An alleged al-Qaeda-backed plot to derail a Via passenger train in the Greater Toronto Area is a reminder of the threat that terrorism still poses to Canada, and the need for continued vigilance, including some tough legislative measures currently being debated in the House of Commons.
The threat can come from anywhere. It can be imported. The allegations in the Via plot involve two men, ages 30 and 35, said to have received “direction and guidance” from al-Qaeda terrorists, apparently based in Iran, according to the RCMP. They are not Canadian citizens (the RCMP would not say where they are from).
Or the threat can be homegrown, as in the Toronto 18, later reduced to 11, mostly young people raised in Canada who were convicted of plotting major bombing attacks. Or the threat can begin here and be directed at foreign countries. Four Canadians from London, Ont., have been implicated in terrorism in North Africa, including two young men who were killed after reportedly taking part (one as a ringleader) in the deadly gas-plant attack in Algeria in January. And two Canadians are suspected of involvement in a bus attack last July on Israeli tourists in Bulgaria.
The Conservative government’s proposed Combating Terrorism Act makes it a criminal offence to leave Canada to commit a terrorist crime in another country, which is sensible and probably should have been on the books already, and includes two contentious elements: preventive detention of suspects for up to 72 hours, where a terrorist attack is believed imminent, and compelled testimony to avert a potential attack.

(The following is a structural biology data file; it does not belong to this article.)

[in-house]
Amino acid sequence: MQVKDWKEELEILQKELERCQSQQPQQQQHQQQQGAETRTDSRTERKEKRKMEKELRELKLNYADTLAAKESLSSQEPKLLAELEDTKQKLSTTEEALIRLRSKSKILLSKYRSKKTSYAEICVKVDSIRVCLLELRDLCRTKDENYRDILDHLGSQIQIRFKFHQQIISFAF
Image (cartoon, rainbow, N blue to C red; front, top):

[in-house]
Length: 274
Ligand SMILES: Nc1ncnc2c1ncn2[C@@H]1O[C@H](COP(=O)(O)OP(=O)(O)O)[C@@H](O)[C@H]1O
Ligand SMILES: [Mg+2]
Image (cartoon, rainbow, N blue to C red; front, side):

We argued in a online editorial on Monday that the timing of bringing this act to the House of Commons this week was purely political – calculated to embarrass Liberal Leader Justin Trudeau over his foolish comments last week about the “root causes” of the Boston Marathon bombings. The law was introduced in February, 2012, and last Friday was put on the House agenda for debate this week.
The content of the law, however, is a slight and necessary rebalancing of security and civil liberties, with built-in protections including annual reports to Parliament on the use (if any) of the provisions. We supported preventive detention and compelled testimony when a Liberal government included them in the Anti-Terrorism Act passed three months after 9/11. And we supported their renewal when they lapsed automatically owing to a five-year “sunset” clause. That these clauses slipped through the cracks and were not renewed, often owing to petty political squabbles for which there is plenty of blame to go around among the major parties, was scandalous.
Osama bin Laden is dead, and nearly 12 years have passed since the attacks of Sept. 11, 2001. It is not time for the West to drop its guard. What happened in Boston can happen here.
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